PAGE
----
The Sermon on the Mount is one of those Gospels that I tend to gloss over, because of familiarity and because let’s admit it – it’s kind of hard to understand. It sounds very nice, as well as very difficult, because some things there are not the things you’d want for yourself. Poor, mourning, persecuted. I mean, really.
It’s been a bit of a struggle at work lately, not because work is too hard or I have too many things to do. It’s just these questions of what happens next, the resistance of doing some things you were asked to do, and really, the general uncertainty if what you’re doing for 8 hours a day, 5 days a week is even worth it. I can already imagine my dad telling me, “Everyday is a Friday!”, which he started quoting to me back when I was super stressed in my previous role. Maybe it’s a millennial thing to keep on asking.
Yesterday, out of desperation and an attempt to keep my life in order after what felt like a terribly unproductive day, I heard God tell me: Consecrate your day to me, my daughter. I’m not a stranger to consecration, but I neglected to think of that: consecrating your day to Jesus. More so, consecrating your day to Jesus, through Mary.
So I prayed yesterday, and told Jesus I’ll consecrate the day to Him. And yesterday was a way better day for me, and I went home feeling happier and productive that I was able to do a lot of things. Nothing like checking off items from your to-do list, right?
I prayed the same prayer today, but at the back of my mind, I was a little doubtful. I mean, just because I consecrated the day to God doesn’t mean everything will be fine and dandy, right? I could have another terrible unproductive day.
Over breakfast, I was reading Fr. James Martin, SJ’s The Jesuit Guide to (Almost) Everything, and I was already at the chapter about poverty. Lately, I’ve been thinking that sometimes you pause and read certain parts of a book at a certain time because you’re meant to read it at that time. (Elizabeth Gilbert’s Big Magic had that effect on me, that’s why I haven’t finished reading it yet). As I was reading, I had this feeling that there was something in the next pages that was going to speak to me.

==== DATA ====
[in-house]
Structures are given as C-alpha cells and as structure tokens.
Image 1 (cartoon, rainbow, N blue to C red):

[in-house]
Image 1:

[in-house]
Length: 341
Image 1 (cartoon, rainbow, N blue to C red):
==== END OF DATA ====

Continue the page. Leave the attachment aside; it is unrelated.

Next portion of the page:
And they brought me back to the Sermon on the Mount. At least the part of it.
Poverty of spirit means accepting that we are powerless to change certain aspects of out lives. “We are all members of a species that is not sufficient unto itself,” [Metz] writes. “We are all creatures plagued by unending doubts and restless, unsatisfied hearts.”
Well what do you know. As I read the next pages, I felt the Holy Spirit tell me: Pay attention. And I did. I forgot that I was eating as I read the next pages, and reread them again, I can’t help but laugh, and maybe tear up a little bit at the affirmation that I was heard, and that I wasn’t really as lost as I thought I was.
Poverty of spirit does not take away joy in life. Quite the contrary. It is the gateway to joy, because it enables us to surrender to ultimate reliance on God, which leads to freedom. “Paradoxically, then, we are truly rich,” writes Fleming, “with an identity that only God can give and no one can take from us.
Reliance on God may sound like a recipe for laziness, as if you needed to do nothing on hour own. But the reality is the opposite. It is a practical stance that reminds you that you can’t do everything. Many things are not within your power to change. Some things, outside of hour control, need to be left to God. Spiritual poverty frees you from the despair that comes when you believe that you can rely only on your own efforts.
Maybe consecrating your day to Jesus through Mary isn’t about having great days. Maybe it’s just about learning how to be poor in spirit, so you can learn how to rely on God more and be free from despair.
And I could really use more of that.
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I meant to blog more the past few weeks, and I had drafts of posts here for Valentine’s Day and Leap Day and thoughts on turning 30 (7 days!!!), but a lot of it remain drafts because I can’t seem to find the words or the point. It’s quite possible that I’m over thinking things, so yeah. But in case the few of you who are still reading this is still reading, I’m still here! (I also opened my author site, so yay.)
On that note, I do plan to write something on my birthday. I’m thinking of what to write that day, to make it a little different, and to make this personal blogging thing a little exciting again. I found that ever since my life has calmed down, it’s like the words stopped coming, too, and I kind of don’t want that. Words are friends.
Maybe you (one of the few readers of this blog, heh!) can help? Is there any specific thing/topic/answer to a question that you want to read here? I’m far from a life expert, but I figured there must be some things I know that could help someone out there now that I’m almost 30. :D